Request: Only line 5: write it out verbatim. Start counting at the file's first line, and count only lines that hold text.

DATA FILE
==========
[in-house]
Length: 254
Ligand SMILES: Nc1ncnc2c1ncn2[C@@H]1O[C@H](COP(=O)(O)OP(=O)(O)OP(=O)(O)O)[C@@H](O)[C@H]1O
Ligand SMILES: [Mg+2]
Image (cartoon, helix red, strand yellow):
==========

Image (cartoon, helix red, strand yellow):